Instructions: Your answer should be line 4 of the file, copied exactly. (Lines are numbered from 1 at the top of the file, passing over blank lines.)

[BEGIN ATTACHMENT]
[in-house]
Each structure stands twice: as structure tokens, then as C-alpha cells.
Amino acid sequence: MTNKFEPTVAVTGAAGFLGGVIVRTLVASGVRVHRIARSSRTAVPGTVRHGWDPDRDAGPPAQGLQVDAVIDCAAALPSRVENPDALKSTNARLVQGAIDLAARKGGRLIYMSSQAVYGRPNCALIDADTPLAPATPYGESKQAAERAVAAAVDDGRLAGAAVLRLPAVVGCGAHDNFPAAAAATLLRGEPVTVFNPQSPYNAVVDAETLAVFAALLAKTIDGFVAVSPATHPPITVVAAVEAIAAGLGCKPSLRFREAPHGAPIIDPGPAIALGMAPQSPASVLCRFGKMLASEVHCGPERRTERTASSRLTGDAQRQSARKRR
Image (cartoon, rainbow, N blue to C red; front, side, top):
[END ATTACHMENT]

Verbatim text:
Image (cartoon, rainbow, N blue to C red; front, side, top):